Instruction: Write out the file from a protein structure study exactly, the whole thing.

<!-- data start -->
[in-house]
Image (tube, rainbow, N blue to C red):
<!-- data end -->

[in-house]
Image (tube, rainbow, N blue to C red):